It's holiday time, and of course the bad guys know that shopping is a popular activity during this period, particularly in Europe and the US. And it's in these regions that most people pay for their purchases either using credit cards, or e-payment systems like PayPal, WebMoney etc.
In order to target this data, cybercriminals create "universal" malicious programs, which will intercept all financial data, whether it related to credit cards, bank accounts, or e-payment systems.
A recent case shows this clearly: a botnet made up of several thousand machines was used to install Trojan.Win32.Vilsel.qhw on 972 victim machines, all of which are located in the US.
It seems likely that this botnet was rented specially in order to install this malware – a common practice in the cybercriminal world. There are plenty of places on the Internet which offer this "service", as the screenshot below shows. In order to deliver the Trojan to 972 machines in the US, the bad guys would have had to pay around $100.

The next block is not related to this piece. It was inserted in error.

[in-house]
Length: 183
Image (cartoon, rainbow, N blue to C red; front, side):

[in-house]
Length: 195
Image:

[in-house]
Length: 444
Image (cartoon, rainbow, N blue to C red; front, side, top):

So where's the profit in this? Well, the malware in question will intercept Internet transactions made using Internet Explorer and the new(ish) Chrome browser. That covers a huge percentage of Internet users, and because the malware targets a whole range of payment options, it won't make any difference if payment is made by credit card or PayPal – confidential data will still get logged and then sent onwards to the bad guys.
Additionally, once it's been run for the first time on the victim machine, this malware deletes its original file (to hide traces of infection); prevents access to Task Manager at system registry level, and also blocks Regedit, making it more difficult to manually check the system and identify and delete the malware.
According to VirusTotal, at the time of writing only 6/40 (15%) of antivirus vendors detected this threat, and a lot of the big names were among those missing.